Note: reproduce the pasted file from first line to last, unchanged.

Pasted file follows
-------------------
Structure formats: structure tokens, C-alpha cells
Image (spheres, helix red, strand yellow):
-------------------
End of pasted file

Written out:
Structure formats: structure tokens, C-alpha cells
Image (spheres, helix red, strand yellow):